Introduction

IMG_20151001_133535_1.jpg

There is a considerable number of places on the Internet, including the Element14 site, showing useful information on the installation and settings of this brand new device; in the meantime a number of doubts and questions has raised about the touch screen settings, the on-screen keyboard installation and more. The goal of these notes is to depict a setup scenario as much complete as possible. The Raspberry PI 7" LCD Touch Screen displayRaspberry PI 7" LCD Touch Screen display is the perfect replacement of a dedicated screen, with the plus of the optional on-screen keyboard.

 

To use this device in a Raspberry PIRaspberry PI project requiring User Interaction it sounds almost difficult in applications like robotics, machines control, informative point, web access, sensors gauges etc.

A reliable solution exists and its name is Kivy: open source, not too difficult to install and is based on Python.

 

Note: the frame assembly of the Raspberry PI LCD Touch Screen display shown in the images of this post is available on the Drobott site. Don't forget to apply the Element14 discount code W0E49MYQ (10% off) reserved to the community users!

 

What raspbian release?

IMG_20150930_153150.jpg

The first thing to do it to decide what raspbian image should be installed on the PI. If you have already a Raspberry PI with an existing raspbian version on it, you should install the hardware then power on the system and proceed with the software.

 

If you should start from scratch instead, I suggest to download the last raspbian updated image (2015-05-05-raspbian-wheezy.img at the date) from the raspberry.org site to create a bootable microSD card; you  can choose between two different flavours: raspbian based on Debian wheezy or Debian jessie; this choice is up to you. At the actual date it seems that the Raspberry PI porting of the Jessie distribution has again some issues.

 

In both cases, the next step is an update/upgrade of the system.

 

$sudo apt-get update
$sudo apt-get upgrade











 

You should have noted that the system, also on first-boot will recognise the new display device without any special setting or display drivers to be installed.

 

Showing full HD videos on the screen

If you plan to use the screen to show full HD videos (1080x1920 pix) the better performances can be obtained reserving 128 Mb of shared memory to the video card. The amount of shared memory (64 Mb by default) can be changed with the raspi-config command and selecting the menu options shown below.

Screen Shot 2015-08-29 at 16.34.05.png

Select Advanced Options from the main menu.

Screen Shot 2015-08-29 at 16.34.19.png

Select Memory Split from the next screen.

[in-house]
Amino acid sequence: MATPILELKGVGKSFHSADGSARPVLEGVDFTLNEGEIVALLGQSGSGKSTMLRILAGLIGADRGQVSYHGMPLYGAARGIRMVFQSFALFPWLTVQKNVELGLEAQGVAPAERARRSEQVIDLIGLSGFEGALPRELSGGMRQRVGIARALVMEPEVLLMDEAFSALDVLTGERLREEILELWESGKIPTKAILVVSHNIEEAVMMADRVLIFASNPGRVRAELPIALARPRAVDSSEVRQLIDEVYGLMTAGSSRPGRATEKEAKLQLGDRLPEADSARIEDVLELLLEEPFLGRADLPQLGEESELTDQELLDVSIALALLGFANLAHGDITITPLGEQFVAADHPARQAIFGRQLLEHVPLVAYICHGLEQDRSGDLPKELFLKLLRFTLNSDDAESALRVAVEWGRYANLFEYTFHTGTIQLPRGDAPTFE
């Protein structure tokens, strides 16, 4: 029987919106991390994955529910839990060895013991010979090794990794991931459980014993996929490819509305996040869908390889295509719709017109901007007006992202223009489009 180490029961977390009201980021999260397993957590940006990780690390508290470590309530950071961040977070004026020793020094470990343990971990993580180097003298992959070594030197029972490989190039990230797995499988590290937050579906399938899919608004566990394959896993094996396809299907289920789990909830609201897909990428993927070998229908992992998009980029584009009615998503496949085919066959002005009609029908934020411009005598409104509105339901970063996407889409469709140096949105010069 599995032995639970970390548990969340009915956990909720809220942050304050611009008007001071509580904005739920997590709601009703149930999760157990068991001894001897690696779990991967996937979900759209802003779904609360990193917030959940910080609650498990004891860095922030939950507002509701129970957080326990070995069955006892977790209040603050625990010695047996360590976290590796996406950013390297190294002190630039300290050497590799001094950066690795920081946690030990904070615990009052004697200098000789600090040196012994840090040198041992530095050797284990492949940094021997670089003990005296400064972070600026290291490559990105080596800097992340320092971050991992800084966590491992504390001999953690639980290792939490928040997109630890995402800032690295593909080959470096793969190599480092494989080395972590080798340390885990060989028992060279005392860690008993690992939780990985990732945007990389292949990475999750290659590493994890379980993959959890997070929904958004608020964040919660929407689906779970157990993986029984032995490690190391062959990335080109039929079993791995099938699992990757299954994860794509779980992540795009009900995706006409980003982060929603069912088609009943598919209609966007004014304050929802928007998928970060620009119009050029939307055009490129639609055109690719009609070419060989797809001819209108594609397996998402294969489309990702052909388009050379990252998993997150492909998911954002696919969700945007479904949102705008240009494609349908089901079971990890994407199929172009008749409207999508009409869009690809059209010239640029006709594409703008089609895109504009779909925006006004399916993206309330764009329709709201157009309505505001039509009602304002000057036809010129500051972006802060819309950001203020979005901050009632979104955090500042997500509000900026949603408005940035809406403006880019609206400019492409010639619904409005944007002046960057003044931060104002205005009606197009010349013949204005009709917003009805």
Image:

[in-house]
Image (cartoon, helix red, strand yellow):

Screen Shot 2015-08-29 at 16.34.32.png

Then, write 128 instead of 64 (the default settings). Confirm and exit, reboot.

 

On-Screen keyboard

Installing the on-screen keyboard is not the solution to develop software or write long text documents on the Raspberry PI, but it is a must-to-have to make complete the user interaction options. Installing the keyboard is a very simple operation that can be done with a single command from the terminal:

 

sudo apt-get install matchbox-keyboard








 

just as it is explained in the product document page on Element14. The documentation says that the keyboard (after installation and reboot) is accessible on-screen from the Menu->Accessories->Keyboard. Doing several installations I have verified that the keyboard is not always listed as a new menu option; one of the reasons depends on the previous presence of a physical keyboard connected to the Raspberry or not. To be sure that the on-screen keyboard is added to the desktop menu after installation the better choice is to manage the Raspberry PI from remote via SSH.

 

The on-screen keyboard can be shown by your applications or bash scripts with the command

 

matchbox-keyboard







 

Enabling the touch-screen

Depending on the current status of the linux settings, maybe you don't see the mouse pointer on the screen and the touch screen is unresponsive; the touch screen uses SPI to communicate with the Raspberry PI so it should be enabled, while by default the SPI kernel modules are not loaded.

 

From the terminal launch the command

 

sudo raspi-config






 

then from the character graphic menu follow the steps shown below.

Raspi-config-advanced-settings.png

Select Advanced Options from the main menu.

Raspi-config-enable-spi.png

Select the SPI menu option.

Enable-SPI.png

Confirm to enable the SPI module and the next screen to load the SPI kernel modules on boot by default. Then, exit and reboot the system.

 

Congratulations!

Now your system is ready to use the full features of the 7 inches LCD display and touch screen.